How can ski resorts survive the climate crisis? This village might have the answer

After years of diminishing winter visitors, Sankt Corona transformed their slopes into a summer biking resort
After years of diminishing winter visitors, Sankt Corona transformed their slopes into a summer biking resort Copyright © Erlebnisarena St. Corona am Wechsel
By Hannah Brown with AFP
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When climate change cut the ski season short and visitor numbers dwindled, this tiny Austrian town turned its attention to making the most of the summer.

With the winter ski season getting shorter each year because of climate change, the tiny Alpine village of Sankt Corona am Wechsel in Austria saw the number of visitors coming to hit their slopes dwindle.


Between 1994 - 2014 Sankt Corona’s annual visitor numbers dropped from 70,000 to 25,000.

"The area was 100 per cent winter oriented and then we realised that due to climate change, [...] summer was becoming more and more important. And so in 2015 we started to focus on developing the summer season and this is the result," explains former snowboard instructor, Karl Morgenbesser.

A rollercoaster-like summer toboggan run and climbing space soon opened after the decision to diversify. But the 400-resident village's fortunes truly turned when it devised a network of mountain biking trails.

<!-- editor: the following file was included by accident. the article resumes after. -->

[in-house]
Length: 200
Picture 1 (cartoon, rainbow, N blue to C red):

The resort, which is about an hour’s drive from Vienna, now offers miles of landscaped jumps and curved forest trails and areas suitable for bikers as young as three. While most mountain biking destinations boast steep slopes, Sankt Corona's undulating trails suit professionals as well as children relying on training wheels, and now draw about 130,000 visitors per season.

© Erlebnisarena St. Corona am Wechsel
The mountain bike routes are suitable for all ages and abilities© Erlebnisarena St. Corona am Wechsel

Perhaps the most innovative part of the new adventure park is the bike lift. In 2020, a new T-bar lift - which pulls bikers up the slope - replaced a shuttle bus service taking riders to the top which could no longer keep up with demand.

"I think we were the first in the world to build a T-bar for the summer. [...] We had to develop it ourselves as there was no other system like it already available,” says Morgenbesser, who now runs the park.

Why was the ski season no longer profitable?

When you think of the Alps, most people associate them with skiing and other snow sports. Situated at an altitude of nearly 900 metres, Sankt Corona am Wechsel has long been known as a family friendly ski resort. However, in the last 50 years nearly a month of snow cover has been lost in the Alps at low and medium altitudes.

According to the UN's Intergovernmental Panel on Climate Change (IPCC) report it’s only going to get worse, with snow cover in areas below 1,500 metres (5,000 feet) expected to continue to decrease throughout the 21st century.

Austria is home to more of the Alps than any other European country and skiing accounts for around three percent of its GDP.

With the coronavirus pandemic fuelling an increased enthusiasm for outdoor activities, it is hoped that mountain biking and other summer sports can make up for winter losses in the increasingly warm and lower lying areas of the Alps found in Austria.

Watch the video above to see Sankt Corona’s transformed resort in action.

Video editor • Jutalla Coulibaly-Willis

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